With the pressures of the COVID-19 crisis on mental well-being, Cayman Health shines the spotlight on the issues being faced by men.

Two experts on men’s mental health are psychiatrist Dr. Marc Lockhart, chairman of the Cayman Islands Mental Health Commission, and Dr. Stenette Davis, psychiatrist at the Health Services Authority.

Here, they talk about the risks, symptoms and treatment of this often overlooked issue.


What are some of the pressures that men in the Cayman Islands and across the wider region are facing?

The socialisation of boys and men to ‘be strong’, with the expectation that being strong means suppressing emotions, feelings and asking for help, has contributed significantly to the manifestation, onset, and complexity of men’s mental health challenges.

In societies where a hyper-masculinised approach to maleness is held as a norm, mental health challenges can be more insidious, with complex presentations.

What are the symptoms that family members/friends should look out for?

Challenges with financial stability, especially during an economic downturn, like the COVID-19 pandemic, along with cultural expectations of the male being the ‘breadwinner’ and ‘head of household’, complicates how men cope with self-doubt, appraise self-esteem and seek comfort and guidance.

Symptoms consistent with reduced ability to perform tasks needed to cope with the normal stresses of life should be a cue that something is amiss. This includes a change in mood, with men experiencing not
just periods of sadness and depression, but irritability, anger and short-tempered episodes.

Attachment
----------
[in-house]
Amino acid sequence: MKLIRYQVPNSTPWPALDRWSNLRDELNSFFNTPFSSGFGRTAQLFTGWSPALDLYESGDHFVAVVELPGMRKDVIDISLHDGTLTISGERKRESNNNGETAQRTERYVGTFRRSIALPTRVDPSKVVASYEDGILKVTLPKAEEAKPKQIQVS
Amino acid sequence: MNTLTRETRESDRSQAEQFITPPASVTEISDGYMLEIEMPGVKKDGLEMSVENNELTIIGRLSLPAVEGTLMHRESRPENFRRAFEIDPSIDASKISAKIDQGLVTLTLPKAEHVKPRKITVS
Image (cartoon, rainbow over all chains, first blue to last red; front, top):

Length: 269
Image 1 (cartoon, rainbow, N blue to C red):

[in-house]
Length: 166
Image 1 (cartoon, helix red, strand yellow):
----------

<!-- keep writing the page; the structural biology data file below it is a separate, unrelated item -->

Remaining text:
Reduced enjoyment in activities, disturbances with sleep, appetite, including decreases or increases with both, changes with thinking, unusual beliefs, preoccupations or activities with any increased use of alcohol or other substances, are some of the symptoms that family and friends should look
out for.

At what point should men themselves seek help?

A man should seek help when he finds difficulty coping with the normal stressors of daily life and that he is not living up to his full potential. A discussion with a primary care physician is a good starting point if any of the aforementioned symptoms are noticed by the person or a loved one. Taking the discussion seriously and persisting with recommended interventions is extremely important, as earlier intervention can forestall a more complicated onset of illness.

How important is the new mental health facility in East End going to be for men’s mental health (along with other mental health patients, in general)?

While the facilities at the HSA provide a wide range of services, an area of continued need is for those with serious and chronic illness requiring longer term treatment.

Efforts are underway by the Cayman Islands Government to complete the construction of a therapeutic community facility in East End by the end of 2021. This facility will play a vital role in the continuum of care and provide a missing component that is required for reducing the burden of disease.

This facility will be instrumental in providing the compassionate, evidenced-based rehabilitative, occupational and social skills rebuilding vital for those with serious and persistent disorders. This includes a large segment
of men with chronic and serious disorders.